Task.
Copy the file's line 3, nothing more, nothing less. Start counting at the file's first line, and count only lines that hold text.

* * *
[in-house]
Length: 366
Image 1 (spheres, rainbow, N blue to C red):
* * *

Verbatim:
Image 1 (spheres, rainbow, N blue to C red):